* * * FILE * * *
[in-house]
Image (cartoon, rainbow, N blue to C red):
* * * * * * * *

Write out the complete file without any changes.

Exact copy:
[in-house]
Image (cartoon, rainbow, N blue to C red):